Stable isotope ratio measurements of dissolved inorganic carbon (δ13CDIC) provide a useful indication of carbon sources, sinks and fluxes in river ecosystems. Because of the incorporation of dissolved inorganic carbonate during shell growth, shells of aquatic mollusks have the potential to record DIC information and to be a proxy for δ13CDIC in this environment. In our study, specimens of the bivalve mollusk Corbicula fluminea (the Asian freshwater clam) were reared under laboratory conditions and δ13Cshell and δ13CDIC values were measured. It was found that the δ13Cshell values of C. fluminea reared in three tanks which were provided with isotopically distinct foods differed significantly and that all values were more negative than would be obtained under equilibrium fractionation conditions; this is probably because of metabolic effects. In order to estimate the percentage of metabolically-derived carbon in the shell carbonate (CM), δ13Cfood was used as a proxy for the δ13C of metabolic carbon. CM values in the three different tanks were 35%, 49% and 44%, respectively. These proportions are larger than those reported in previous studies. We suggest that the most probable cause is the auto-correlation between δ13Cfood and δ13CDIC. Despite the significant incorporation of metabolic carbon into shell carbonate, our experimental results showed that δ13Cshell was highly correlated with δ13CDIC, following this relationship: δ13CDIC = 0.86 δ13Cshell + 1.57 (R2 = 0.99). A shell collected in 2007 from a river monitored for δ13CDIC shows good agreement between back-calculated and measured δ13CDIC values for the summer of 2006. We suggest that the δ13Cshell of Corbicula fluminea is a promising qualitative proxy of large-scale variations in δ13CDIC in the river environment.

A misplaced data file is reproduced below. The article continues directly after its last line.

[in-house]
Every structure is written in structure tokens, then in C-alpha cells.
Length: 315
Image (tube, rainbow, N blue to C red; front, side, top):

A simple analytical procedure for determination of whole-rock major- and trace-element composition by micro-X-ray fluorescence (μXRF) spectrometer and inductively coupled plasma-mass spectrometer (ICP-MS) using fused-glass bead (sample + lithium tetraborate) is presented. In the case of peridotites, chromian spinel (Cr-spinel) is one of the minerals resistant to acids and interferes with accurate and reproducible determination of whole-rock composition. Such resistant minerals were not observed in the fused-glass beads prepared here, suggesting complete digestion of the samples including Cr-spinels. The μXRF spectrometer was employed to determine SiO2, MgO, and total Fe2O3 contents with the fused-glass beads. They were subsequently dissolved into a nitric acid solution to analyze thirty seven elements, Na, Al, P, K, Ca, Sc, Ti, V, Cr, Mn, Co, Ni, Cu, Rb, Sr, Y, Zr, Nb, La, Ce, Pr, Nd, Sm, Eu, Gd, Tb, Dy, Ho, Er, Tm, Yb, Lu, Hf, Ta, Pb, Th, and U with sector magnetic field ICP-MS (ICP-SFMS) and Q-pole mass filter ICP-MS (ICP-QMS). The analytical procedures were optimized and evaluated with geological reference materials of JP-1 and BIR-1a, and applied to various mantle xenoliths (lherzolite, harzburgite, dunite, wehrlite, olivine clinopyroxenite, and orthopyroxenite) from Tahiti and Moorea islands (Society Archipelago). Since only fused-glass beads are required as an analytical target to determine whole-rock major- and trace-element compositions, the sample amount consumed through the series of analytical procedure can be constrained to a minute amount (e.g., <0.4 g). The analytical procedures presented here are considered appropriate for tiny and/or precious samples, such as mantle xenoliths and rocks collected by dredging, diving, and drilling from the world’s ocean basins.